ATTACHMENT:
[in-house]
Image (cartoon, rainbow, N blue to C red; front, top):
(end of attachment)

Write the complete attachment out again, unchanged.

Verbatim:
[in-house]
Image (cartoon, rainbow, N blue to C red; front, top):